Fights are over quickly
Most fights are over in seconds, not minutes. After a few punches, usually one of the fighters decides he or she has had enough, one of the fighters is incapacitated or knocked out, or someone separates the fighters. Whatever injuries that occur in a fight usually happen in the first few punches thrown. Remember the definition of a fight; it is mutual combat to determine dominance, so once dominance is established, the dominant fighter usually stops. Since fights are over so quickly, unless you have trained yourself repeatedly in using the techniques used in patterns and step-sparing, you usually will not think about using them in first few split-seconds of a fight or self-defense situation; you will just react instinctively and flail away in a mindless frenzy.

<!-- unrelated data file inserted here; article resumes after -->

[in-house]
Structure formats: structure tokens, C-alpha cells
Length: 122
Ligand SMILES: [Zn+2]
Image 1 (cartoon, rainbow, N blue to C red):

Fights are clumsy, awkward, and crude
Fights are nothing similar to competition sparring or the choreographed fights seen in movies. Even if the participants are trained fighters, the fight will not be pleasing to watch except for the excitement of the fight itself. You usually will not see beautiful, well executed techniques; just two idiots haphazardly flailing at each other.
When free-sparring, both opponents play by the rules. In demonstrations, the partner is cooperating with to ensure the technique works and looks exciting. In a fight, there is no cooperation and no rules, except for any unwritten rules of chivalry that may be observed.